History of Paraguay contra its Falsifiers: Chapter XV
The Restoration of the Paraguayan Republic.
Before any reaction from the Porteñistas, Dr. Francia outmaneuvered all his enemies. He broke all diplomatic relations with Buenos Aires from the very beginning, using the commercial and trade issues as the apparent motive. In fact, his sole objective was to offset the Porteños whom were calling for a General Assembly on 31 January 1813. Don José Gaspar imposed his iron will: Paraguay will have nothing to do with the unruly revolutionaries of the southern provinces. Alarmed by these decisions, Buenos Aires sent Don Nicolás de Herrera (1744-1833) as a diplomat to recompose the situation with Paraguay. However, Dr. Francia ignored all the pleas done by the Porteño representative, claiming that only a Paraguayan Cabildo could resolve the pending issues with the prideful Buenosaireans. 
Some romantic authors from Paraguay tried to present Dr. Francia as a liberal revolutionary. But this goes completely against the available evidence. Adriano Irala Burgos is an interesting example of this «art of misrepresentation», completely infused by ideological considerations: he is a fan of Rousseau and he tries to interpret everything around Dr. Francia as a realization of the rousseaunian ideals… Paraguayan History falsified for the sake of liberalism… That’s why Irala Burgos, as an absolute Rousseau Fanboy, claims that «the relationship (of Dr. Francia) with Rousseau, and not just in the «Social Contract» but even in simple words, is evident».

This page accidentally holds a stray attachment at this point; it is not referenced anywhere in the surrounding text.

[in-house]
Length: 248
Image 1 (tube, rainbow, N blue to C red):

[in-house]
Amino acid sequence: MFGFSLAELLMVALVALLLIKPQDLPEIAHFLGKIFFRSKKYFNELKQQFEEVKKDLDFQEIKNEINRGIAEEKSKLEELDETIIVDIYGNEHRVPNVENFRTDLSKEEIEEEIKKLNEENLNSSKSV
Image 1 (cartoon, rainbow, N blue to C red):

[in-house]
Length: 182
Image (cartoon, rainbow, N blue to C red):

In fact, we could argue that Dr. Irala Burgos, being an alleged «Catholic intelectual» of Paraguayan liberalism, never had interest in researching more deeply into the Catholic philosophy concerning politics and popular sovereignty, preferring to base himself in the writings of an abject and corrupt pseudo-thinker such as Rousseau, a calvinist and freemason. One can clearly see that Dr. Francia was the absolute opposite of the so called «father of the French Revolution» born at Geneva in 1712. Don José Gaspar, arguably the finest mind of the «Independence Period» in South America, was far closer to Count Joseph de Maistre rather than any «enlightened» figure. We can even imagine Francia uttering similar expressions to the ones written by his fellow «dark doctor» and Savoyard philosopher:
«(Refuting Rousseau) is less a question of proving that he is wrong than proving that he does not know what he wants to prove… The best way to refute this so-called philosopher (Rousseau), is to analyse him and translate him in philosophical language; then we are surprised we have ever to give him a moment’s attention». 
Rodríguez Pardo largely refuted both Adriano Irala Burgos and other «Paraguayan Liberals» who wanted to present Dr. Francia as a disciple of the Enlightenment. In reality, Don José Gaspar was inspired by the «Spaniard Scholasticism» and the School of Salamanca, led by powerful minds such as Fathers Francisco Suarez and Francisco de Vitoria. The «Paraguayan Liberals» confuse or misinterpret, either for political and ideological reasons (most likely), either because of simple ignorance (less likely), the real basis and underpinnings of the political philosophy of Suarez and Vitoria among other «non-enlightened» authors that were influential in Francia’s thinking.